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Source: You Don't Know JS: this & Object Prototypes by Kyle Simpson (2014)

Example:

This mechanism is often called "prototypal inheritance" (we'll explore the code in detail shortly), which is commonly said to be the dynamic-language version of "classical inheritance". It's an attempt to piggy-back on the common understanding of what "inheritance" means in the class-oriented world, but tweak (read: pave over) the understood semantics, to fit dynamic scripting.

As I understand it, the part that begins with but tweak is just insertion text, kind of like a parenthetical statement. So, to fit dynamic scripting is the continuation of it's an attempt to piggy-back on the common understanding of what "inheritance" means in the class-oriented world (to fit dynamic scripting). What I have a problem with here is how exactly does that insertion text fit in with the rest of the sentence? What exactly do you think but tweak etc means? Is the author talking directly to me? Should I tweak the understood semantics? I don't fully grok the aspect it is used in.

  • Consider: "it's an attempt to decorate the house but keep the cost as low as possible". More elegant than "but" would be yet. "decorate ... yet keep". – Tᴚoɯɐuo Dec 15 '15 at 13:22
  • CopperKettle: Sorry, my bad. I used the wrong link. I fixed it now. – Michael Rybkin Dec 15 '15 at 13:38
  • TRomano: I guess that comma after the clause threw me off. – Michael Rybkin Dec 15 '15 at 13:40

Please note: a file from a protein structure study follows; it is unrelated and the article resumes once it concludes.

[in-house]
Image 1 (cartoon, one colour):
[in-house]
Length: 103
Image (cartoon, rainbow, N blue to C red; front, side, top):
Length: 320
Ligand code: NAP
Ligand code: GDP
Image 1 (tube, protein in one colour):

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    Punctuation marks are ants at the syntactical picnic. – Tᴚoɯɐuo Dec 15 '15 at 14:00
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In that "but-clause" in the sentence, Kyle is not addressing you, Cookie Monster, in a parenthetical manner. It's just part of the general flow of the sentence.

We can remodel the sentence a bit and the meaning will become clearer:

This mechanism is often called "prototypal inheritance" (we'll explore the code in detail shortly), which is commonly said to be the dynamic-language version of "classical inheritance". It's an attempt to piggy-back on the common understanding of what "inheritance" means in the class-oriented world, while tweaking (read: paving over) the understood semantics in order to to fit dynamic scripting.

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    prototypal is just weird. I think it should be prototypical. – Damkerng T. Dec 15 '15 at 12:29
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    I've found the original text and it's prototypal there. I don't feel a difference, although I also expected prototypical. There may be a difference. – CowperKettle Dec 15 '15 at 12:31
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    The inheritance is based on prototypes, hence the use of the variant prototypal. It is the word commonly used when discussing javascript. – Tᴚoɯɐuo Dec 15 '15 at 13:19
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    @CopperKettle I agree, I also thought "prototypal" a strange word. Perhaps he said "prototypal" rather than "prototypical" to indicate that he means related to the construct in the Java language that is called a prototype, rather than related to the general idea of a prototype. – Jay Dec 15 '15 at 14:54
  • Your version is a huge improvement on the original. The fact that it's still muddled is hardly your fault: it is the author's. – Ricky Dec 16 '15 at 0:44

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